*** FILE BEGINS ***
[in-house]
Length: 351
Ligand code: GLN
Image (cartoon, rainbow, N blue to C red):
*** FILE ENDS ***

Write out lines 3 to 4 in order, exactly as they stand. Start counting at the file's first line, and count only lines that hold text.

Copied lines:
Ligand code: GLN
Image (cartoon, rainbow, N blue to C red):